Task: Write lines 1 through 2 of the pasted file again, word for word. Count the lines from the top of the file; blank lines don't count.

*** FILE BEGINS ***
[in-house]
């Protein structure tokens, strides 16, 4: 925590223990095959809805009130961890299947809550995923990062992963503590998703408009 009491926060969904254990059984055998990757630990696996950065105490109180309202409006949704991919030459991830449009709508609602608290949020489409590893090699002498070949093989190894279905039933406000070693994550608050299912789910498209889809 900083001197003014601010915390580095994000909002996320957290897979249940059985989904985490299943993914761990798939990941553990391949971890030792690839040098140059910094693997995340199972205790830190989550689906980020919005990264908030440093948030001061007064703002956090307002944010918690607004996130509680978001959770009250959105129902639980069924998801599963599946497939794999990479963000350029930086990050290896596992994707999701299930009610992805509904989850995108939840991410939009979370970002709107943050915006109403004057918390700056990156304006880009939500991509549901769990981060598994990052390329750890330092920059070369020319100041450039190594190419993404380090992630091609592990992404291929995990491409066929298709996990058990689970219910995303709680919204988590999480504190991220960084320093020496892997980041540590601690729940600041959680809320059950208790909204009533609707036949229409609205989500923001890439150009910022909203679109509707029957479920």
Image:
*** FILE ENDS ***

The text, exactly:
[in-house]
């Protein structure tokens, strides 16, 4: 925590223990095959809805009130961890299947809550995923990062992963503590998703408009 009491926060969904254990059984055998990757630990696996950065105490109180309202409006949704991919030459991830449009709508609602608290949020489409590893090699002498070949093989190894279905039933406000070693994550608050299912789910498209889809 900083001197003014601010915390580095994000909002996320957290897979249940059985989904985490299943993914761990798939990941553990391949971890030792690839040098140059910094693997995340199972205790830190989550689906980020919005990264908030440093948030001061007064703002956090307002944010918690607004996130509680978001959770009250959105129902639980069924998801599963599946497939794999990479963000350029930086990050290896596992994707999701299930009610992805509904989850995108939840991410939009979370970002709107943050915006109403004057918390700056990156304006880009939500991509549901769990981060598994990052390329750890330092920059070369020319100041450039190594190419993404380090992630091609592990992404291929995990491409066929298709996990058990689970219910995303709680919204988590999480504190991220960084320093020496892997980041540590601690729940600041959680809320059950208790909204009533609707036949229409609205989500923001890439150009910022909203679109509707029957479920």